The importance of nailing customer experience
Being on the receiving end of disjointed customer experience was a lesson in empathy for me recently, when one retailer sent me a promotional email about a store opening party. The party was over 50 miles away from where I live, work, or socialize. Why would I care about a shop opening that’s nowhere near me? The retailer sent this because they care about it and want to push their cool experiential offering, which a customer-first brand like ASOS, for example, would never do.
But being customer first goes beyond not inviting me to irrelevant events. I also regularly get emails telling me about in-store student discount sales. Pretty great for students! But a bit disappointing for me, who is a little while past being eligible for these offers.
It’s frustrating for me as both a consumer and a professional — these are brands that have the data to exclude me from that category. It’s perfectly possible to ensure that customers are getting messages and rewards tailored to their actual habits. And it’s not just me who feels this way: a recent study my company conducted found that 75 percent of people feel most retailers don’t understand their interests.
While it’s easy to be dazzled by the glamor of gimmick-led experiential retail, or to assume that a few good events will bring back valuable lapsed customers, the reality is that every interaction a person has with a brand needs to be part of one customer experience.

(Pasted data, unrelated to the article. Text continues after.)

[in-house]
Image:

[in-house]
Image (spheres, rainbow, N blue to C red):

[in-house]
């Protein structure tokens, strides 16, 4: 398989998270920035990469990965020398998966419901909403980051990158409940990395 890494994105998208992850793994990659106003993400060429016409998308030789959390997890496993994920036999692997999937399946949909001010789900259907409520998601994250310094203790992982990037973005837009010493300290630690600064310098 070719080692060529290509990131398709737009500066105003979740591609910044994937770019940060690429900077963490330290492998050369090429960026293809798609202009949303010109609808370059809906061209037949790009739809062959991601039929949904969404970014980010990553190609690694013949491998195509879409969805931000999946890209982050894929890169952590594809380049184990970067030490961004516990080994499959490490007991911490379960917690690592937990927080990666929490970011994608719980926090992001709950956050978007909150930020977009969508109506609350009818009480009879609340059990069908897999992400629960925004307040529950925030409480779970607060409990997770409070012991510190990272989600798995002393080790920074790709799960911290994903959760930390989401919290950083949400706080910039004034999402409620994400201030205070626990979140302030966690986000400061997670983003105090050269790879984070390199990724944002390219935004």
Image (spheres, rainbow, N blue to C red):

Offline’s role is as a relationship builder
So if peddling parties, VR headsets, and pop-ups isn’t a one stop shop for improving overall experience, how can offline activations be effectively deployed? Essentially, a mindset shift is necessary.
Retail stores need to be an extension of a retailer’s online presence, not the other way around. Creating an experience out of an in-store visit is a good strategy when the model is adapted to ensure the focus is on developing the customer relationship rather than stock shifting.
Nike’s running club offers an immersive experience that not only helps build an emotional connection with its customers, but also captures their data to improve future communications, allowing for personalized recommendations. This can then feed into the way customers experience the brand as a whole: as one who understands their needs and just always gets its right.
Experiential retail, and having a valuable offline presence may be the future: but it’s not the answer, just a part of it. While we wait for my virtual-assistant-hoverboard, retailers need to double-down on the data they already have and how they can use that to personalize and improve the entire experience for their customers — and use glamorous experiential retail as one tactic in that overall strategy.
Published March 16, 2019 — 07:30 UTC